The Hematologist

May-June 2012, Volume 9, Issue 3

Microparticles, Thrombosis, and Atherosclerosis: The Tissue Factor

Gregory M. Vercellotti, MD
University of Minnesota, Minneapolis, MN

Published on: May 01, 2012

Dr. Vercellotti indicated no relevant conflicts of interest.

Owens AP III , Passam FH, Antoniak S, et al. Monocyte tissue factor–dependent activation of coagulation in hypercholesterolemic mice and monkeys is inhibited by simvastatin. J Clin Invest. 2012;122:558-568.

The late Russell Ross championed the concept that atherosclerosis is an inflammatory disease that does not occur simply due to the accumulation of lipids in the vessel wall, as 50 percent of patients with cardiovascular disease have normal cholesterol levels. According to this response-to-injury hypothesis, modified lipids, endothelial dysfunction,monocytes, lymphocytes, platelets, cytokines, and procoagulant factors all conspire to mediate the atherogenic process. In 1999, Dr. Ross suggested that selective modification of the harmful effects of inflammation would be an effective strategy for ameliorating cardiovascular disease.1 The success of statin therapy validates the prescient insights of Dr. Ross, as these drugs not only lower cholesterol but also have both anti-inflammatory and anti-thrombotic properties (Figure). In a sentinel study, Owens et al. in the laboratory of Dr. Nigel Mackman at the University of North Carolina provide additional compelling evidence in support of Dr. Ross’ hypothesis by showing that inhibiting monocyte tissue factor (TF)-dependent activation in mice and monkeys with simvastatin alters the course of cardiovascular disease.

The investigators hypothesized that hypercholesterolemia leads to elevated levels of oxidized LDL (oxLDL) in plasma and that this bioactive product induces the expression of procoagulant TF in monocytes. In support of this hypothesis, patients with familial hypercholesterolemia were shown to have elevated levels of plasma microparticle (MP) with TF activity. In vitro, oxLDL induced TF expression in human monocytic cells, and this effect was attenuated by the administration of simvastatin. In addition, Owens and colleagues demonstrated that, in LDL receptor-deficient mice, a high-fat diet induced a time-dependent increase in both plasma MP TF activity and activation of coagulation and that these effects were blocked by statin therapy. That monocyte-derived TF is responsible for the activation of coagulation was further supported by experiments demonstrating that hypercholesterolemic mice transplanted with bone marrow genetically deficient in TF were not hypercoagulable. The mechanism for oxLDL-induced TF is likely due to oxLDL binding to the heterotrimeric complex CD36/TLR4/TLR6 in monocytes.2 (Figure). Thus, as anticipated, deficiency of either TLR4 or TLR6 reduced levels of MP TF activity in hypercholesterolemic mice. Further, simvastatin treatment of African green monkeys fed a high-fat diet reduced oxLDL, monocyte TF expression, MP TF activity, activation of coagulation, and inflammation without affecting total cholesterol levels.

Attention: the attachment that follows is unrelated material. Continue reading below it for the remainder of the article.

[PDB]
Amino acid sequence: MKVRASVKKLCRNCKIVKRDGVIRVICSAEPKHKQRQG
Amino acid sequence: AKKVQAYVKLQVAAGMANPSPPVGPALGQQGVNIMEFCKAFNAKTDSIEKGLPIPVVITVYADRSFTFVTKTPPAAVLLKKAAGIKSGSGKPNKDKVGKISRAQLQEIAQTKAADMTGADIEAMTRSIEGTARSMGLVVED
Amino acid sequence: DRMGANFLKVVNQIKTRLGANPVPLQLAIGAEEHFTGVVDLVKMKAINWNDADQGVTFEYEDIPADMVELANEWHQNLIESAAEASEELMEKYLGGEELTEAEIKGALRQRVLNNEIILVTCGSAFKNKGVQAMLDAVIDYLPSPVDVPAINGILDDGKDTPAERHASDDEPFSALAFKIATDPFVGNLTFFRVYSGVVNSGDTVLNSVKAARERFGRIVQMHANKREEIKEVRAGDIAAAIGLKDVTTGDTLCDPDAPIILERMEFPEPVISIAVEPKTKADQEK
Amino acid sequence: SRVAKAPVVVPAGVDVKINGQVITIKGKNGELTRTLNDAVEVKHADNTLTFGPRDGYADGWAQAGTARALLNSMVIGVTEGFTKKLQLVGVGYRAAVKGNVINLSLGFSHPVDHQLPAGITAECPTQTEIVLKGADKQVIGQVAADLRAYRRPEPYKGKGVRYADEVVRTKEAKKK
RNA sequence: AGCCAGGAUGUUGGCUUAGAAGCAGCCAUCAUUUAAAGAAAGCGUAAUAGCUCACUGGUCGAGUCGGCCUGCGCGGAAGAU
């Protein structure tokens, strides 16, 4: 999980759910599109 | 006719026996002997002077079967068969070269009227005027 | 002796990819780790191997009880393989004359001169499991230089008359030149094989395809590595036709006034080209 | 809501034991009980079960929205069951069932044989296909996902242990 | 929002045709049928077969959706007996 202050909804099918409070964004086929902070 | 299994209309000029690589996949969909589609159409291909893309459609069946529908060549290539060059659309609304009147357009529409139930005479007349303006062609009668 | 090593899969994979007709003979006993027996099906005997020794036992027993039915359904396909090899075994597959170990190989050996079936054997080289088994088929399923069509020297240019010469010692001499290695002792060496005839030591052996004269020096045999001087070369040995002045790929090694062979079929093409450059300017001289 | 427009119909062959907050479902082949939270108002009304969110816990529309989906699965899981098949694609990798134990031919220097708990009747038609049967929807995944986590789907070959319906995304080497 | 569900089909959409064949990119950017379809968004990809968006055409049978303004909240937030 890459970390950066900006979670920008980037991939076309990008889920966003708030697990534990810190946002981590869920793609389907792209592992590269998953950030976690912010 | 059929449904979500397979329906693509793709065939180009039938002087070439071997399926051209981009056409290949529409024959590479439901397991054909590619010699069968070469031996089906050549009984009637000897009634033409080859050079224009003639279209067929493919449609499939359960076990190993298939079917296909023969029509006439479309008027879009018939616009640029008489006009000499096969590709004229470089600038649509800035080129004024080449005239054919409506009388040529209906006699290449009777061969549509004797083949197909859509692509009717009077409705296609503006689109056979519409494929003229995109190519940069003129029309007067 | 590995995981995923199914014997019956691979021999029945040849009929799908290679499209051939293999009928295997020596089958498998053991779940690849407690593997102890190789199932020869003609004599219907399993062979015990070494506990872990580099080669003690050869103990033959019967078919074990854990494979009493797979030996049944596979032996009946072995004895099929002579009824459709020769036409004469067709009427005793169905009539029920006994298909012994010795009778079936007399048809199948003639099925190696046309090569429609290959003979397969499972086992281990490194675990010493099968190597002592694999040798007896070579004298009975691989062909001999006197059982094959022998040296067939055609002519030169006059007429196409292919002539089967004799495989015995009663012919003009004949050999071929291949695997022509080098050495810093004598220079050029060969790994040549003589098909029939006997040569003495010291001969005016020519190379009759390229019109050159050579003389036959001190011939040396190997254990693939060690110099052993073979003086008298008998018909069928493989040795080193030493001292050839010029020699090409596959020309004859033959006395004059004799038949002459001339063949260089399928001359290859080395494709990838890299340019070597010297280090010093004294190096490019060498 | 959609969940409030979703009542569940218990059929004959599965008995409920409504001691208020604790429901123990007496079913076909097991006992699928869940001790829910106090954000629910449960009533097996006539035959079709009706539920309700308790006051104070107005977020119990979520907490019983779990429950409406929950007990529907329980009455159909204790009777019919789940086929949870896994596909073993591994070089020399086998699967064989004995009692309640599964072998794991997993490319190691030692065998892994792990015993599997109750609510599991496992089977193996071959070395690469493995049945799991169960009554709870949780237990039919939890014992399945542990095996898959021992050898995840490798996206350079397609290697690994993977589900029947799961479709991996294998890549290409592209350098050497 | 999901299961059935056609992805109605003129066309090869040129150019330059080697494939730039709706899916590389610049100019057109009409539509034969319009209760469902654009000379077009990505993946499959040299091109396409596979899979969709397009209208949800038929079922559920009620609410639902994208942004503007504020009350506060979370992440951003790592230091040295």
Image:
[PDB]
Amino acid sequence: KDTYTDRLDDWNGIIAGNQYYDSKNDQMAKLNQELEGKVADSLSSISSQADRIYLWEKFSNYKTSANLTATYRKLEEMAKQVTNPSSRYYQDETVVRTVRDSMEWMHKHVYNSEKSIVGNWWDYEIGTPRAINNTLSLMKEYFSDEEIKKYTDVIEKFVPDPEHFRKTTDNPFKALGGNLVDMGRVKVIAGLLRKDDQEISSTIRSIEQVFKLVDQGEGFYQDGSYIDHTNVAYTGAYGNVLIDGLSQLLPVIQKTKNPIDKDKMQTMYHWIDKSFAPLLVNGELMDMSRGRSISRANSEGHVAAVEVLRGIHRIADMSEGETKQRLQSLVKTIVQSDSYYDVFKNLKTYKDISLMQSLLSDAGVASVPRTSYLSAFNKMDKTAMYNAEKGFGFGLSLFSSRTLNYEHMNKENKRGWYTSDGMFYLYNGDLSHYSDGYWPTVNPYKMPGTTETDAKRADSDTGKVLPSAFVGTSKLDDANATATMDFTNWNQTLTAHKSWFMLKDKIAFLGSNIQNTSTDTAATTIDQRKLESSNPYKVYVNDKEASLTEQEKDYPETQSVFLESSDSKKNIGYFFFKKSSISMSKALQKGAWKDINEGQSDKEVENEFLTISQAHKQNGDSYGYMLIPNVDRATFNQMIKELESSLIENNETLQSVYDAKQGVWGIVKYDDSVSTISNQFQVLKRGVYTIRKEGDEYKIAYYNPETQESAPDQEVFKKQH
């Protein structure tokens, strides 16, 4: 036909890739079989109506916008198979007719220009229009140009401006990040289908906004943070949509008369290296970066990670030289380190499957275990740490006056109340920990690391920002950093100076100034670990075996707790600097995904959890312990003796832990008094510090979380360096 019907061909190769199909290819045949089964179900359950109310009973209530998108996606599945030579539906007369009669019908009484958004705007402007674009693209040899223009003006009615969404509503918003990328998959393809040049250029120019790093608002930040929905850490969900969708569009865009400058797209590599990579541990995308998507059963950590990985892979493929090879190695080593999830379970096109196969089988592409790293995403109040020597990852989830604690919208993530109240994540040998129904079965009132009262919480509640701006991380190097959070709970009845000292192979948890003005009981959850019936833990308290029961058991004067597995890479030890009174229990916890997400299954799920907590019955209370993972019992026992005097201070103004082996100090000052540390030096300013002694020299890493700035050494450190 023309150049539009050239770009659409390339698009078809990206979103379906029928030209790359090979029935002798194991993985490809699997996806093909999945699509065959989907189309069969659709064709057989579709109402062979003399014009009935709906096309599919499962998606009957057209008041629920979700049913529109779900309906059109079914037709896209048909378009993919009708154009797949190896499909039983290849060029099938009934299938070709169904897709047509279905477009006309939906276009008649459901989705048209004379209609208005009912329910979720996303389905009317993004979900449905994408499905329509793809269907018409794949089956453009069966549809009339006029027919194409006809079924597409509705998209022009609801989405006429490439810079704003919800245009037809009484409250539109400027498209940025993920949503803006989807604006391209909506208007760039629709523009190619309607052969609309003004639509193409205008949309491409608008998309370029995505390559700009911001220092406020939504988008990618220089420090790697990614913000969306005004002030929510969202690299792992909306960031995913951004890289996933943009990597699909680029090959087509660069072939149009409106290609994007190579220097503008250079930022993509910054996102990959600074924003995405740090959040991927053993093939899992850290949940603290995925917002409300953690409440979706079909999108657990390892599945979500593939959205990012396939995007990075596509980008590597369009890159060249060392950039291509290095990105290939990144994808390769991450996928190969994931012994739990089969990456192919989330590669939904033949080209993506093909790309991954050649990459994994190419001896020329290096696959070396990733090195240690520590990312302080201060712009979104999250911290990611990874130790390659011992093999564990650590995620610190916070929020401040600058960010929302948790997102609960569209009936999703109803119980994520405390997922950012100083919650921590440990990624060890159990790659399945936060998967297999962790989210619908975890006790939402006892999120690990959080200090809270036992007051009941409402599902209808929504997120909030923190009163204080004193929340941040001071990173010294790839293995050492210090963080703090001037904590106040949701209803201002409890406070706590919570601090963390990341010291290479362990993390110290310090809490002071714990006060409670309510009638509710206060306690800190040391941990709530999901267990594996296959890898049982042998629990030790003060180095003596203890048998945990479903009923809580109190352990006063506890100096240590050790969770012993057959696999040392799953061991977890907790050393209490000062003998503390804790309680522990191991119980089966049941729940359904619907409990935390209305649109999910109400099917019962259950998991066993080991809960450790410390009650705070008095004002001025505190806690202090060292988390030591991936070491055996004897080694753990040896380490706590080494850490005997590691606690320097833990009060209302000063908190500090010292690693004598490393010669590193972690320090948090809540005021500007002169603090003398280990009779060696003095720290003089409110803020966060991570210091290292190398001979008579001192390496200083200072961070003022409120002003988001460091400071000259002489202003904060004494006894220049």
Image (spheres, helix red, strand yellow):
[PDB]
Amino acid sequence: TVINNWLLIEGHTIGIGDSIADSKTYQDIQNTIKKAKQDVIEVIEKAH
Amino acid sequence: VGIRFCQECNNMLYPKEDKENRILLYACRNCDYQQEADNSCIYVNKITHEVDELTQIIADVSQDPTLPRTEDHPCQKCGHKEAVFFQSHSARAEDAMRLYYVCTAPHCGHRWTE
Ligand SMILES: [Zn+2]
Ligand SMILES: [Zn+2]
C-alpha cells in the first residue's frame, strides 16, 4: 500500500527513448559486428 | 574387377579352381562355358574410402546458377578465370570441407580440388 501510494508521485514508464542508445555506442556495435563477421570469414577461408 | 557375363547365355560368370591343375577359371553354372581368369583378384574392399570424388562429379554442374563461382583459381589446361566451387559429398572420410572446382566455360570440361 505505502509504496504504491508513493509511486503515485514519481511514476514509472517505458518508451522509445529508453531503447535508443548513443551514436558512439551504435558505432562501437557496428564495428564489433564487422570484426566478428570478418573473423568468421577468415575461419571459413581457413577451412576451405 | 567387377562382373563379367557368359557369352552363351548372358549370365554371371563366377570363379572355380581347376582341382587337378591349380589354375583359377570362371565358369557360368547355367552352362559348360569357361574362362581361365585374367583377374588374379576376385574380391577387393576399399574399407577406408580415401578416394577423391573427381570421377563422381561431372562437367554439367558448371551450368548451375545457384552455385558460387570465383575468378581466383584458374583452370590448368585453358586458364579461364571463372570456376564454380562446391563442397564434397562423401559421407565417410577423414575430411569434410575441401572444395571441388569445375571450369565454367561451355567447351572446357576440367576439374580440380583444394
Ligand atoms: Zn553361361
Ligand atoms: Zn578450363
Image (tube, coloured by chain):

MP delivery of TF to sites of plaque rupture appears to be of paramount importance in the pathophysiology of deadly coronary thrombosis, so as predicted by Dr. Ross, selectively decreasing inflammation is heart-healthy. The studies of Owens and colleagues demonstrate the interplay between oxidation of LDL, activation of the innate immune system, and formation of onocytederived TF MPs (Figure), suggesting that interrupting TF and/or MP formation or inhibiting the CD36/TLR4/TLR6 receptor would be reasonable strategies for ameliorating cardiovascular disease. While developing new drugs that regulate these processes poses important pharmacologic challenges (e.g., bleeding in the case of TF inhibitors or complications of decreased host defense in the case of blocking the innate immune system), identifying safe, cost-effective approaches to treating or preventing a disease that affects the health of hundreds of millions worldwide is an urgent need, and an understanding of the underlying pathobiology of the disease process is an essential step toward achieving this lofty goal.

  1. Ross R. Atherosclerosis — an inflammatory disease. N Engl J Med. 1999;340:115-126.
  2. Stewart CR, Stuart LM, Wilkinson K, et al. CD36 ligands promote sterile inflammation through assembly of a Toll-like receptor 4 and 6 heterodimer. Nat Immunol. 2010;11:155-161.
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